Toast to William Pitt The Younger, Following A Speech Entitled: ‘O My Country. How I Love My Country. But Do We?’, The Cheshire Pitt Club

Nov 4, 2017 | News

O My Country. How I Love My Country.  But do We?

David Alton – November 3rd 2017.

william-pitt-the-younger-quote-oh-my-country-how-i-leave-my-country William Pitt 1

Professor Wheeler: thank you for that generous introduction. I hope that one day my obituary reads as well!

You made several remarks about my age when I was elected as a City Councillor and Member of the House of Commons.

It’s passing strange but when all of us were young, and were asked our age, we would tell people that we were five and a half or six and a half, and so on. As we got older we quietly dropped the reference to the half and as the years pass are likely to be more like the American comedian, Bob Hope, who famously said ’I’ve found the secret of eternal youth. I lie about my age.’

Having been a one time the baby of the House of Commons I’m going to express what may seem the counter intuitive view that we should beware of creating a cult of youth worship. Experience, courage and wisdom count for more. Qualities such as character and merit are not merely matters of age.

We should always look for individual merit – regardless of age – and even more importantly, look for those to whom we can pass on our values, our love of our country and its institutions.

But don’t let’s despise youth either.

William Pitt the Younger, in whose honour we are gathered, was elected to the House of Commons for the Appleby Constituency at the age of 21 and in 1783, at the age of 24 became the country’s youngest ever Prime Minister – serving in that high office for 18 years and 343 days.


The Rolliad – an eighteenth-century satire lampooned him for his youth:


Above the rest, majestically great, Behold the infant Atlas of the state, The matchless miracle of modern days, In whom Britannia to the world displays A sight to make surrounding nations stare; A kingdom trusted to a school-boy’s care.

Two hundred years later he was still being parodied, now by Blackadder with Pitt, the Even Younger’s mother looking for a babysitter to take the new Member to Parliament.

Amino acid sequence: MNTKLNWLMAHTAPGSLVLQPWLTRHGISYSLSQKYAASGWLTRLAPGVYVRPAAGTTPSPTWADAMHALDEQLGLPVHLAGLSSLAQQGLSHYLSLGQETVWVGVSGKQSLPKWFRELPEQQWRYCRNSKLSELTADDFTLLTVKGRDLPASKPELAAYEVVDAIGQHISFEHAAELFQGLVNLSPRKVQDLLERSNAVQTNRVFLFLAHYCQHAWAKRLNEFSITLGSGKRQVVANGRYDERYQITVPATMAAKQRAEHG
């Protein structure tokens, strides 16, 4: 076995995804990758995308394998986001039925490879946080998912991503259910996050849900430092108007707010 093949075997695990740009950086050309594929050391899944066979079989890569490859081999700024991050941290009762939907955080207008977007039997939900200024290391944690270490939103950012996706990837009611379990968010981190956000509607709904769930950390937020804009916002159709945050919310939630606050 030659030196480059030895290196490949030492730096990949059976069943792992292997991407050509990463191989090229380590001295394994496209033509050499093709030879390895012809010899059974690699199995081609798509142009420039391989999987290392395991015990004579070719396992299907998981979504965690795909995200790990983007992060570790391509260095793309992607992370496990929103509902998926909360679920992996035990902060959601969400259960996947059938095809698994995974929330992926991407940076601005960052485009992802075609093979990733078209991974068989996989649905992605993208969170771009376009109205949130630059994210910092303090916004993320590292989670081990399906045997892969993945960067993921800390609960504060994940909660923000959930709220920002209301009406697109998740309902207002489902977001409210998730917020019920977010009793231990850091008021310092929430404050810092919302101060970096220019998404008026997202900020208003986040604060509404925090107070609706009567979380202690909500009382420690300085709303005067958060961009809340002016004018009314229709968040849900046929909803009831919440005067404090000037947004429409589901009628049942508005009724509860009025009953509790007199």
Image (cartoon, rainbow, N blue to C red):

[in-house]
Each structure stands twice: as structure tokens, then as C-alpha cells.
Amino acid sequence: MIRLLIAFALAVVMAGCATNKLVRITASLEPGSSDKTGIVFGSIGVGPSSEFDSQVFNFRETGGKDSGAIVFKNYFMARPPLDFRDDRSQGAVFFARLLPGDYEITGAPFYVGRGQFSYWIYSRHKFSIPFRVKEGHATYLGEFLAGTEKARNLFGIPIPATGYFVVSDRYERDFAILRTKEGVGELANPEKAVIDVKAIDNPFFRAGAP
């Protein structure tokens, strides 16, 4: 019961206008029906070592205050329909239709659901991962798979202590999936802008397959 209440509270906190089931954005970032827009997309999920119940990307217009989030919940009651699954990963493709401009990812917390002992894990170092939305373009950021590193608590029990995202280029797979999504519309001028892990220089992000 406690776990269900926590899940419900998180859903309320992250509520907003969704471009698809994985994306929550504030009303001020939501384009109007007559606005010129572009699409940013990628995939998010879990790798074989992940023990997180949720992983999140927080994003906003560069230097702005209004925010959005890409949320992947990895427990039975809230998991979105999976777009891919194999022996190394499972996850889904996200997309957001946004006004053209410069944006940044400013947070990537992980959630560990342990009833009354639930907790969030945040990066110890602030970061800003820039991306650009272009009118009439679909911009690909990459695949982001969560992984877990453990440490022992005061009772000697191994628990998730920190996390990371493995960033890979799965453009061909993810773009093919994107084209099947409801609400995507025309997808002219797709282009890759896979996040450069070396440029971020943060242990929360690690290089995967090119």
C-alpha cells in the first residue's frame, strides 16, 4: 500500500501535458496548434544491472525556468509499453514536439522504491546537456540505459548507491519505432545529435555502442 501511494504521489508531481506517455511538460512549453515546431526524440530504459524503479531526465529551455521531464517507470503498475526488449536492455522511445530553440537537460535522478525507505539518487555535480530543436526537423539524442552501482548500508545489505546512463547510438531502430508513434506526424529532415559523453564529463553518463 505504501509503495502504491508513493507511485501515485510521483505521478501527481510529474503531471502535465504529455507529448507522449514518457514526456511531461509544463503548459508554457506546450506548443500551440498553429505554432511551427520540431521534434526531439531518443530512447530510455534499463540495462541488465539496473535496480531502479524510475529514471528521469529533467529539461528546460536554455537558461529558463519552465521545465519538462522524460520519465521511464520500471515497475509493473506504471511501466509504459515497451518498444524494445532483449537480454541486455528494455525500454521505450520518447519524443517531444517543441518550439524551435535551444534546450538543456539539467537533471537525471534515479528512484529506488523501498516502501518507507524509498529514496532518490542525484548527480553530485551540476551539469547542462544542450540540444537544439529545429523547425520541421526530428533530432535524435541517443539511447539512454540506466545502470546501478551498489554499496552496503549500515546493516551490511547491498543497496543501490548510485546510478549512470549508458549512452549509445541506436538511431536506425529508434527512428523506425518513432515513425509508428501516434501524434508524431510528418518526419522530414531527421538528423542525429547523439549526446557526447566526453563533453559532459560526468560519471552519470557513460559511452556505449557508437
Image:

But at least he had graduated from being described as Pitt the Embryo or Pitt the Toddler!

It is said that William Wilberforce (himself, a few years later, the youngest member of the House of Commons) remarked to Pitt: “No one of our age has ever taken power.”   To which he replied: “Which is why we’re too young to realize certain things are impossible. So, we will do them anyway.” 
The very last words attributed to the no longer young William Pitt provide the title for my remarks this evening: “O My Country. How I Love My Country.”   His love of his country is what motivated Pitt throughout a life devoted to public service.

The purpose of your Club is to keep fresh the memory of this great, patriotic and illustrious statesman and to attain this objective by reflecting on some of the challenges of the day and their solutions, and to encourage Pitt-like integrity, humanity, determination and judgement, in a world that is in danger of forgetting such fundamentals. 

Although Pitt just made it into the nineteenth century, dying in 1806, his values and virtues are greatly needed in our own times – not least in the very institutions that he helped to shape.


Pitt died three years before the birth in Liverpool of William Ewart Gladstone – and who left office in March 1894, aged 84, as the oldest person to serve as Prime minister and the only Prime Minister to serve four terms. Gladstone, who died not so far away, at Hawarden Castle, was known affectionately as the GOM – the Grand Old Man – Disraeli said that the acronym really meant “God’s Only Mistake.”

Perhaps these two remarkable men – Pitt and Gladstone – young and old – who bookended the nineteenth century – tells us something very important about age: a thought captured well by Robert Kennedy when he said:


“This world demands the qualities of youth; not a time of life but a state of mind, a temper of the will, a quality of the imagination, a predominance of courage over timidity, of the appetite for adventure over the life of ease.”